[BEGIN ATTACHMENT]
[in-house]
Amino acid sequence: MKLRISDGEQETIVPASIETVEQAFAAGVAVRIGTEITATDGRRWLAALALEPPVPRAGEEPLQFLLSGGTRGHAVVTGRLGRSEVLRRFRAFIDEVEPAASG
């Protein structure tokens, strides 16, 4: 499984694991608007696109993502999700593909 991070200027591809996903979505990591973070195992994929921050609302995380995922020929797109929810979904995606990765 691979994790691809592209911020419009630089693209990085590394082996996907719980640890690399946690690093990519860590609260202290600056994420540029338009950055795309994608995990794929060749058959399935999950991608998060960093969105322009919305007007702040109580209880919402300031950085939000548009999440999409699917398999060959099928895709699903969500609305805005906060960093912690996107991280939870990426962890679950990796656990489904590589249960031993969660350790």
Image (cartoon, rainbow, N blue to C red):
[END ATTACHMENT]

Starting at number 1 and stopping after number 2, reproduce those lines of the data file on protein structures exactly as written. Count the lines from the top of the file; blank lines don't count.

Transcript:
[in-house]
Amino acid sequence: MKLRISDGEQETIVPASIETVEQAFAAGVAVRIGTEITATDGRRWLAALALEPPVPRAGEEPLQFLLSGGTRGHAVVTGRLGRSEVLRRFRAFIDEVEPAASG